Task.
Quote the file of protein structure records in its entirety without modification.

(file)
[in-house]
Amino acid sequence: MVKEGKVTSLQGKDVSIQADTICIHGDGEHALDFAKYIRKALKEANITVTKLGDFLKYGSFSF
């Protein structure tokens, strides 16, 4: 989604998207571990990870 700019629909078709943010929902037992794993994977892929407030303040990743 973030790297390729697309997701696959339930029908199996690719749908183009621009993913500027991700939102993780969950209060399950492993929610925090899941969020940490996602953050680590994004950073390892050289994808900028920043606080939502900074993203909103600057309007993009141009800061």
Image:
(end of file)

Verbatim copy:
[in-house]
Amino acid sequence: MVKEGKVTSLQGKDVSIQADTICIHGDGEHALDFAKYIRKALKEANITVTKLGDFLKYGSFSF
């Protein structure tokens, strides 16, 4: 989604998207571990990870 700019629909078709943010929902037992794993994977892929407030303040990743 973030790297390729697309997701696959339930029908199996690719749908183009621009993913500027991700939102993780969950209060399950492993929610925090899941969020940490996602953050680590994004950073390892050289994808900028920043606080939502900074993203909103600057309007993009141009800061």
Image: